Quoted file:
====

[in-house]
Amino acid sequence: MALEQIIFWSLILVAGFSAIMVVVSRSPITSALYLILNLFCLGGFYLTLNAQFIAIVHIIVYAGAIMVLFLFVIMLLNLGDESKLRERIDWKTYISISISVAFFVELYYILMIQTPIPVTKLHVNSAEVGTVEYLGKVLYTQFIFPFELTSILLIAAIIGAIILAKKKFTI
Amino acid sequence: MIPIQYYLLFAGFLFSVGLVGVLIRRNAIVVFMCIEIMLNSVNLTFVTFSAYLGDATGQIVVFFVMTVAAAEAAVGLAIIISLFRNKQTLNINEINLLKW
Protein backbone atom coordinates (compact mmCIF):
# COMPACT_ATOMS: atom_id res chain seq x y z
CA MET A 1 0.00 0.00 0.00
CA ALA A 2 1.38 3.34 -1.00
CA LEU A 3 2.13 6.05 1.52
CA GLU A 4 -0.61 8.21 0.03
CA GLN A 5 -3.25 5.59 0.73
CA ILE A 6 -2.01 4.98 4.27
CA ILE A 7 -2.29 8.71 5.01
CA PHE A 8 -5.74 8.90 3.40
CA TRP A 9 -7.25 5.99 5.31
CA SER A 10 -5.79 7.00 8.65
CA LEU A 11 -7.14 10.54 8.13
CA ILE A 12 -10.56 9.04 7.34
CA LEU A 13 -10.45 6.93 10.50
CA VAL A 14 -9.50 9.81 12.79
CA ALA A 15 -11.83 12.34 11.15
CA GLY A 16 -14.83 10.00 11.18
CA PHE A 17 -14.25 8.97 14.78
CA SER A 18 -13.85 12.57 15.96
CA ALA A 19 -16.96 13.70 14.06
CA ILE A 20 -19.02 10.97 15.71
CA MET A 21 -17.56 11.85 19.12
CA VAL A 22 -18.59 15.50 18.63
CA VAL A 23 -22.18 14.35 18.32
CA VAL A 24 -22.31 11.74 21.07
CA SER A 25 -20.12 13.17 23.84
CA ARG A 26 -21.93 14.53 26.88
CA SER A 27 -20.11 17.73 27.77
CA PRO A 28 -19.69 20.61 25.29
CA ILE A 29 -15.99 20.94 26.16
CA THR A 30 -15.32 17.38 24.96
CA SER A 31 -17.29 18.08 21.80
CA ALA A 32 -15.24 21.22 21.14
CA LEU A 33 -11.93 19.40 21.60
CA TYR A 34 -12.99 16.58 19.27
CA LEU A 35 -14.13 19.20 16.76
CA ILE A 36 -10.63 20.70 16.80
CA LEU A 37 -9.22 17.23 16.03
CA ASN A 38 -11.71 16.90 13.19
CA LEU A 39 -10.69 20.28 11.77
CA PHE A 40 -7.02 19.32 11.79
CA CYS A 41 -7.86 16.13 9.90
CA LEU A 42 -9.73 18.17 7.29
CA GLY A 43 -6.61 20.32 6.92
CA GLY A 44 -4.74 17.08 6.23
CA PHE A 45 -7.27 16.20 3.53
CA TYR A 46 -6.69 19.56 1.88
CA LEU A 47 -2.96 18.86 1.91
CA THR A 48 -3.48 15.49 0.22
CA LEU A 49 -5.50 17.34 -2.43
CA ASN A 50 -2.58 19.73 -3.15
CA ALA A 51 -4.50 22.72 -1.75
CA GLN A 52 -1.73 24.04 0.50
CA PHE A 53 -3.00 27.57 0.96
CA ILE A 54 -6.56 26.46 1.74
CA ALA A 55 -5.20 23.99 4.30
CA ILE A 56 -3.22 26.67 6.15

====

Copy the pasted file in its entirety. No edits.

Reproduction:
[in-house]
Amino acid sequence: MALEQIIFWSLILVAGFSAIMVVVSRSPITSALYLILNLFCLGGFYLTLNAQFIAIVHIIVYAGAIMVLFLFVIMLLNLGDESKLRERIDWKTYISISISVAFFVELYYILMIQTPIPVTKLHVNSAEVGTVEYLGKVLYTQFIFPFELTSILLIAAIIGAIILAKKKFTI
Amino acid sequence: MIPIQYYLLFAGFLFSVGLVGVLIRRNAIVVFMCIEIMLNSVNLTFVTFSAYLGDATGQIVVFFVMTVAAAEAAVGLAIIISLFRNKQTLNINEINLLKW
Protein backbone atom coordinates (compact mmCIF):
# COMPACT_ATOMS: atom_id res chain seq x y z
CA MET A 1 0.00 0.00 0.00
CA ALA A 2 1.38 3.34 -1.00
CA LEU A 3 2.13 6.05 1.52
CA GLU A 4 -0.61 8.21 0.03
CA GLN A 5 -3.25 5.59 0.73
CA ILE A 6 -2.01 4.98 4.27
CA ILE A 7 -2.29 8.71 5.01
CA PHE A 8 -5.74 8.90 3.40
CA TRP A 9 -7.25 5.99 5.31
CA SER A 10 -5.79 7.00 8.65
CA LEU A 11 -7.14 10.54 8.13
CA ILE A 12 -10.56 9.04 7.34
CA LEU A 13 -10.45 6.93 10.50
CA VAL A 14 -9.50 9.81 12.79
CA ALA A 15 -11.83 12.34 11.15
CA GLY A 16 -14.83 10.00 11.18
CA PHE A 17 -14.25 8.97 14.78
CA SER A 18 -13.85 12.57 15.96
CA ALA A 19 -16.96 13.70 14.06
CA ILE A 20 -19.02 10.97 15.71
CA MET A 21 -17.56 11.85 19.12
CA VAL A 22 -18.59 15.50 18.63
CA VAL A 23 -22.18 14.35 18.32
CA VAL A 24 -22.31 11.74 21.07
CA SER A 25 -20.12 13.17 23.84
CA ARG A 26 -21.93 14.53 26.88
CA SER A 27 -20.11 17.73 27.77
CA PRO A 28 -19.69 20.61 25.29
CA ILE A 29 -15.99 20.94 26.16
CA THR A 30 -15.32 17.38 24.96
CA SER A 31 -17.29 18.08 21.80
CA ALA A 32 -15.24 21.22 21.14
CA LEU A 33 -11.93 19.40 21.60
CA TYR A 34 -12.99 16.58 19.27
CA LEU A 35 -14.13 19.20 16.76
CA ILE A 36 -10.63 20.70 16.80
CA LEU A 37 -9.22 17.23 16.03
CA ASN A 38 -11.71 16.90 13.19
CA LEU A 39 -10.69 20.28 11.77
CA PHE A 40 -7.02 19.32 11.79
CA CYS A 41 -7.86 16.13 9.90
CA LEU A 42 -9.73 18.17 7.29
CA GLY A 43 -6.61 20.32 6.92
CA GLY A 44 -4.74 17.08 6.23
CA PHE A 45 -7.27 16.20 3.53
CA TYR A 46 -6.69 19.56 1.88
CA LEU A 47 -2.96 18.86 1.91
CA THR A 48 -3.48 15.49 0.22
CA LEU A 49 -5.50 17.34 -2.43
CA ASN A 50 -2.58 19.73 -3.15
CA ALA A 51 -4.50 22.72 -1.75
CA GLN A 52 -1.73 24.04 0.50
CA PHE A 53 -3.00 27.57 0.96
CA ILE A 54 -6.56 26.46 1.74
CA ALA A 55 -5.20 23.99 4.30
CA ILE A 56 -3.22 26.67 6.15